Open Access - Frequently Asked Questions

See also the OA Portal, the Self-Archiving Policy, the Gallery of OA titles, and the Formal Declaration on OA Policy.

How does Open Access (OA) differ from traditional publishing?

To access traditional publications, readers must either buy or subscribe to them, or belong to a library which has done so. To translate or reproduce material from them, for example for student handouts, requires permission, and copying is normally restricted. Open Access is a radically different form of publication, under which everyone has free access. Some funding bodies for academic research already require OA, and we expect it to become increasingly common (though not universal) in the next decade.

About Gold OA

What is Gold OA?

Under Gold OA, the “version of record” — the finished work, as edited, copy-edited, proofed, indexed and typeset — is freely available to be downloaded and copied at will. The free books and resources on this website are all Gold OA titles.

What does MHRA publish as Gold OA?

MHRA publishes a mix of closed and open books within its two book imprints, Legenda and Texts and Translations. See our OA Portal.

Our electronic journal Working Papers in the Humanities is a Gold OA project, but our other journals, such as Modern Language Review, are not. Instead we permit Green OA without charge, though with some restrictions: see below.

Why does Gold OA cost money?

As a charity, we do not have shareholders to pay. But publishing involves peer review, discussion and advice, editing, copy-editing, typesetting, proofing, cover design, publicity, marketing, distribution, web programming, legal compliance, getting books reviewed in scholarly journals, deposit in copyright libraries, and many other tasks. For a closed-access book, all that is paid for by sales or subscription income.

Open books need the same work to be done. But since Gold OA amounts to manufacturing a product and giving it away at the factory gate, it requires financial support. This is normally provided as a single lump sum by an author’s university or by a research funding body such as UKRI.

How much money?

For Gold OA agreements made in 2024, MHRA has set the fee at £5000 + VAT, currently £6000. This is a flat fee regardless of the length of the book, and is well below the UKRI funding ceiling of £10,000. Gold OA fees are not due until publication, but we can invoice early if university finance offices prefer, as they often do.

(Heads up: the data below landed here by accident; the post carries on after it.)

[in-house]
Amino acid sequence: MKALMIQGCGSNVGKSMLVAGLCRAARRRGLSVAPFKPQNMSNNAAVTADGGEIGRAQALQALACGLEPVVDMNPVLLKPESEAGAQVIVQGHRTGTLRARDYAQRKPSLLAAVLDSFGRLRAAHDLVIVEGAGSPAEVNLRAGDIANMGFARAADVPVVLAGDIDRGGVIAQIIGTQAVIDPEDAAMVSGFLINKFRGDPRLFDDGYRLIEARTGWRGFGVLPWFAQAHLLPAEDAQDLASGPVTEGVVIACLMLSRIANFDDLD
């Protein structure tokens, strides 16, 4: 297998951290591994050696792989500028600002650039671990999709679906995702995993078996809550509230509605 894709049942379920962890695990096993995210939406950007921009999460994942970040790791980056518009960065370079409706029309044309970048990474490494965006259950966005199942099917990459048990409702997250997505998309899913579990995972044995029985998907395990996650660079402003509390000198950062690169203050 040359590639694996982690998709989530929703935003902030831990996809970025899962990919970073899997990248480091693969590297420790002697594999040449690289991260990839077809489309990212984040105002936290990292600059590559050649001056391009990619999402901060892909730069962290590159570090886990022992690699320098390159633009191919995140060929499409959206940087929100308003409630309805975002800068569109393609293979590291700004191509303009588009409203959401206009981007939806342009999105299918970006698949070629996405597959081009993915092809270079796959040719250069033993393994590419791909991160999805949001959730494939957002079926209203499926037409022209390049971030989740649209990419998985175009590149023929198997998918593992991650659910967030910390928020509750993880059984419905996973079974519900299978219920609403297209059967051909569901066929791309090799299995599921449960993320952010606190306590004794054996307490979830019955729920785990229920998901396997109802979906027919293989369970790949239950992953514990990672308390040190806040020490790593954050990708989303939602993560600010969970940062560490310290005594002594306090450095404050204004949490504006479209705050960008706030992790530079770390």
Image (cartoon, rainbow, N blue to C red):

For our electronic journal Working Papers in the Humanities there is no charge: it is what is sometimes called Platinum OA or Diamond OA. WPH is published as part of our charitable aims.

Is a Gold OA title the same thing as an ebook?

No. While a Gold OA title does have a free ebook edition, it may also have hardback or paperback editions sold in the usual way through Amazon and via wholesalers to libraries. Our closed-access titles also normally have ebooks, on the JSTOR library platform, but these are charged for.

Where does a Gold OA title live?

When MHRA publishes a book as Gold OA, the full text is made available under a permanent, irrevocable open licence (see below) from the book’s home page on the MHRA website. MHRA is a member of Crossref, and registers Digital Object Identifiers (DOIs) both for the book as a whole and for each of its individual chapters. Gold OA books are therefore easy to locate and to cite in bibliographies, either whole or in part.

What if the MHRA rearranges its website?

We try not to. But DOIs provide a permanent point of reference. For example, James Simpson’s book Matthew Arnold and Goethe has DOI 10.59860/td.b275b3a. This can always be used to find the book, even if its web page should move for some reason.

What if the MHRA closes?